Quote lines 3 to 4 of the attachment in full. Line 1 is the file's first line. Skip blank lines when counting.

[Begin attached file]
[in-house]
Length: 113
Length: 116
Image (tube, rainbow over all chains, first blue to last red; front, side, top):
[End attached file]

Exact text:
Length: 116
Image (tube, rainbow over all chains, first blue to last red; front, side, top):